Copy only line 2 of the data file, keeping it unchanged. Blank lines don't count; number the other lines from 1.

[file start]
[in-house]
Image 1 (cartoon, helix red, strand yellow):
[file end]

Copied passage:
Image 1 (cartoon, helix red, strand yellow):